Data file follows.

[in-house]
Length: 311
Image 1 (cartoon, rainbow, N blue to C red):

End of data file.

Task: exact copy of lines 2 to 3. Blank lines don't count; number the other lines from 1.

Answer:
Length: 311
Image 1 (cartoon, rainbow, N blue to C red):